WIPP Update

July 22, 2014
 

Entries into WIPP underground resume

Entries into the WIPP underground facility have resumed after being suspended for several weeks while workers changed air filters on the WIPP Ventilation System.  The Accident Investigation Board (AIB) has completed their examination in most of the underground facility.  However, Room 7 Panel 7 will be inaccessible to recovery workers until the AIB investigation is completed.

On July 18, employees entered the underground facility to conduct radiological surveys and evaluate ground control conditions to ensure the continued safety of future entry teams.  They also tested a localized power unit and substation, identifying the reasons for its inoperability.  Workers are now preparing to repair the unit during an upcoming entry.

Water levels in the waste shaft sump are significant because contact with the steel tail ropes for the 45-ton Waste Hoist may have resulted in contamination of the ropes. During the July 18 entry, the team also checked the water level and determined it was well below the level required to make contact with the ropes.  This finding will facilitate the waste hoist’s return to service and should allow additional personnel and equipment to be transported to the underground facility in support of recovery activities.

Community meetings scheduled

July 24 – The City of Carlsbad and DOE will co-host a town hall meeting featuring updates on WIPP recovery activities. The meeting is scheduled at 5:30 p.m. Location: Carlsbad City Council Chambers, 101 N. Halagueno Street. Live streaming of the meeting can be seen at http://new.livestream.com/rrv/.


Work continues to obtain video footage in Room 7



In an effort to gather additional information on the waste containers located in Panel 7, Room 7, WIPP is planning a 90 foot adjustable boom as seen in the above graphic.

To date, visual inspection of the room's 24 rows of waste containers has been limited to rows 15 to 24. The system will allow recovery teams to examine the waste containers in rows 1 -14, those that are the furthest back in the room.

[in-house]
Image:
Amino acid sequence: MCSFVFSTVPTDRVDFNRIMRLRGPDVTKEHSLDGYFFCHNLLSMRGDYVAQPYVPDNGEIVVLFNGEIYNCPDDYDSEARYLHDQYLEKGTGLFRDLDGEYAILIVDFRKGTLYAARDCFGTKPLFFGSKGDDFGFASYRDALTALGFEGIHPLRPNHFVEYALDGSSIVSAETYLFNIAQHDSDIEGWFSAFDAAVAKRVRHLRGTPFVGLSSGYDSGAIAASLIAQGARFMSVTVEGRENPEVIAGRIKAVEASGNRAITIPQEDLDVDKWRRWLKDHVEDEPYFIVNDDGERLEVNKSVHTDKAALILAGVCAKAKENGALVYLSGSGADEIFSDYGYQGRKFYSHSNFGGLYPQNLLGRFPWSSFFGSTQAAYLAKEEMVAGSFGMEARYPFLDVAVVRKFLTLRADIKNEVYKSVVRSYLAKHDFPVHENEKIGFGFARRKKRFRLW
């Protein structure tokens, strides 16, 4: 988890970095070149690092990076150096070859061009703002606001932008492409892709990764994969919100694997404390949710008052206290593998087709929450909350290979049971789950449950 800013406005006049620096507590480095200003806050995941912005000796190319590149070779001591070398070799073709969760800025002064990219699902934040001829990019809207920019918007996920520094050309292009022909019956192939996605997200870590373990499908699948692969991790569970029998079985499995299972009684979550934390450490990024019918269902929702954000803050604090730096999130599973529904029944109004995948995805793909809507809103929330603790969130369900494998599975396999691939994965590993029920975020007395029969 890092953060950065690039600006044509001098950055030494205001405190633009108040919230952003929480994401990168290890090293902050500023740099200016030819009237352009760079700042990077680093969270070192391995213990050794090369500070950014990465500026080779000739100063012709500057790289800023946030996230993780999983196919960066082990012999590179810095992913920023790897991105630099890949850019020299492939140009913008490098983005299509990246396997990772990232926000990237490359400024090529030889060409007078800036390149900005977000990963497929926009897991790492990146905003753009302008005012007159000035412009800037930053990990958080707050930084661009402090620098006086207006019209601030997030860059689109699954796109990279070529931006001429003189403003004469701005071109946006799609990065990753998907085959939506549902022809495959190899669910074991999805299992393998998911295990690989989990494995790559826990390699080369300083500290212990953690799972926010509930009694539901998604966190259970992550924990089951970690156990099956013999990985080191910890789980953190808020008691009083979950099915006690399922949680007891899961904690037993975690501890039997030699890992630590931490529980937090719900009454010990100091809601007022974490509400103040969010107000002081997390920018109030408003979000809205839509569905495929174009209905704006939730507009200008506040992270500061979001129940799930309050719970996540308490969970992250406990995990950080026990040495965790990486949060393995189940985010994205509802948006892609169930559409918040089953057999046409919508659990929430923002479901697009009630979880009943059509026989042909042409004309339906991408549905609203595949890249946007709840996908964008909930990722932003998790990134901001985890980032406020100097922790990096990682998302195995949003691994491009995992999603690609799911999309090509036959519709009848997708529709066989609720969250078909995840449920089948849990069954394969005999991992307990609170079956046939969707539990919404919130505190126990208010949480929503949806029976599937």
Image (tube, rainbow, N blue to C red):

Did you know?

WIPP is the only federal repository for the nation's transuranic (or TRU) waste. Since beginning operations in 1999, WIPP has cleaned up legacy TRU waste from 22 Department of Energy generator sites.

For more information about WIPP, see our Fact Sheets.

About WIPP

The nation's only deep geologic repository for nuclear waste

The U.S. Department of Energy’s (DOE) Waste Isolation Pilot Plant (WIPP) is a deep geologic repository for permanent disposal of a specific type of waste that is the byproduct of the nation's nuclear defense program.

CH and RH WasteWIPP is the nation's only repository for the disposal of nuclear waste known as transuranic, or TRU, waste. It consists of clothing, tools, rags, residues, debris, soil and other items contaminated with small amounts of plutonium and other man-made radioactive elements. Disposal of transuranic waste is critical to the cleanup of Cold War nuclear production sites. Waste from DOE sites around the country is sent to WIPP for permanent disposal.

TRU waste is categorized as "contact-handled" or "remote-handled" based on the amount of radiation dose measured at the surface of the waste container. Contact-handled waste has a radiation dose rate not greater than 200 millirem (mrem) per hour, while remote-handled waste can have a dose rate up to 1,000 rem per hour. About 96 percent of the waste to be disposed at WIPP is contact-handled.

TRU waste is long-lived and has to be isolated to protect public health and the environment. Deep geologic disposal in salt beds was chosen because the salt is free of flowing water, easily mined, impermeable and geologically stable. Salt rock also naturally seals fractures and closes openings.

The WIPP site, located in southeast New Mexico about 26 miles from Carlsbad, was constructed in the 1980s for disposal of defense-generated TRU waste. The underground repository is carved out of a 2,000-foot-thick salt bed formed 250 million years ago. TRU waste is disposed of 2,150-feet underground in rooms mined from the salt bed.

WIPP has been disposing of legacy TRU waste since 1999, cleaning up 22 generator sites nationwide.